Meanwhile, the Proposition 2 debt requirements, while wholly insufficient to address the state’s total retirement liabilities, will represent a substantial sum of money—$12 billion to $21 billion over the next ten years. As we discuss in this analysis, these funds—and the requirement to spend them on certain limited uses— represent a key and unique opportunity for the state. The Governor’s 2020‑21 budget proposal has one plan for how to allocate the funds. This report presents our recommendations for how the state can adjust this plan to most strategically deploy this Proposition 2 funding.


This section provides background on how Proposition 2 debt payment requirements are estimated and on the state’s major retirement liabilities—the remaining eligible uses of those payments.

Debt Payments Required Through 2029‑30

Proposition 2 Required Debt Payments Vary Significantly From Year to Year. Proposition 2 contains a formula that requires the state to spend a minimum amount each year to pay down specified debts. The formula has two parts. First, the state must set aside 1.5 percent of General Fund revenues. Second, the state must set aside a portion of capital gains revenues that exceed a specified threshold. The state combines these two amounts and then allocates half of the total to pay down eligible debts and the other half to increase the level of the rainy day fund (the Budget Stabilization Account). Because capital gains revenues can vary significantly from year to year, the annual amount of the Proposition 2 required debt payment has varied by hundreds of millions of dollars each year.

Dedicates Annual Payments—Even During Downturns—Toward Eligible Debts Until 2030. Proposition 2 debt payments are required through 2029‑30. Thereafter, these debt payments become optional, but amounts not spent on debt must be deposited into the rainy day reserve. Unlike reserve requirements, which the Governor and Legislature may reduce during a budget emergency, the state cannot reduce required debt payments before 2030 for any reason.

Over the Next Decade, State Will Make Between $12 Billion and $21 Billion in Additional Debt Payments. Debt payment requirements will vary depending on revenue performance. For example, in a recessionary year when the stock market declines substantially over several months, the annual requirement could be as low as $900 million. In other years, when capital gains revenues are more significant, the annual requirement could reach well over $2 billion. We estimate that, over the next ten years, the state will make $12 billion to $21 billion in additional debt payments under Proposition 2. (In addition to these requirements, outside of Proposition 2, the state makes several billions of dollars in annual debt payments under a number of other state policies. These are described in more detail in the nearby box.)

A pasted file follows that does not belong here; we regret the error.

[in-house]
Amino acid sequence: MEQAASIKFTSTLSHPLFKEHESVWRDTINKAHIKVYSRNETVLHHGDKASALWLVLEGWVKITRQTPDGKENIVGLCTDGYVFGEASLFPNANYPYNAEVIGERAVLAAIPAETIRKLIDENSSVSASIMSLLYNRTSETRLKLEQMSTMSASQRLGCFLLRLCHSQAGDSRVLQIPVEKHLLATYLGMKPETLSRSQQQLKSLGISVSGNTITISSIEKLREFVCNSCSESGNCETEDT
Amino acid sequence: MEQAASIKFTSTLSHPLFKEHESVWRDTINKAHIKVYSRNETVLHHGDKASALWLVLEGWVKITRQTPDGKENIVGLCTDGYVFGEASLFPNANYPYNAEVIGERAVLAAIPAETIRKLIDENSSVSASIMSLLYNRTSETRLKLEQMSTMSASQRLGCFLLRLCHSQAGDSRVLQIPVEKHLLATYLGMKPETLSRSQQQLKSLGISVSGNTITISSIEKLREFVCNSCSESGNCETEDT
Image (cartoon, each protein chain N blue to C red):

Proposition 2 Is One Part of the State’s Debt Approach

Beyond Proposition 2’s (2014) requirements, the annual budget pays down several billion dollars of liabilities each year. These include costs to pay down pension unfunded liabilities and debt service on bonds. For example, in addition to $1.9 billion in Proposition 2 debt payments, the 2018‑19 budget allocated about $4 billion to pay down the unfunded liability for state and California State University employee pension benefits and $6.2 billion for debt service on general obligation bonds.

No State Policy for All Proposition 2 Debt Payments Beyond 2019‑20. The state has generally approached annual debt payments on a year‑by‑year basis, meaning there is no formal multiyear policy on how these payments will be distributed over the next decade. The administration, however, maintains its own multiyear plan for Proposition 2 debt payments that it updates with each budget proposal. The administration’s current Proposition 2 debt payment plan, which is reflected in the Governor’s 2020‑21 budget proposal, extends through 2023‑24. While the administration’s budget proposal makes assumptions about future Proposition 2 payments, the Legislature may choose to use these funds differently.

Last Year’s Budget Paid Down Most of State’s Remaining Budgetary Debt. At the time the measure was passed, there were five types of debts eligible for payments under Proposition 2. These were: (1) “settle up” or certain amounts the state owed to schools; (2) special fund loans from other state funds to the General Fund; (3) reimbursements for pre‑2004 mandate claims from cities, counties, and special districts; (4) unfunded liabilities for pensions; and (5) prefunding and unfunded liabilities associated with retiree health benefits. As of the 2019‑20 budget, the state has repaid the first three types of eligible Proposition 2 debts (that is, settle up, special fund loans, and mandate claims).